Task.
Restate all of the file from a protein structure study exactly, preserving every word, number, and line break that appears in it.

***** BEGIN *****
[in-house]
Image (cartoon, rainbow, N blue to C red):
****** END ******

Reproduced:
[in-house]
Image (cartoon, rainbow, N blue to C red):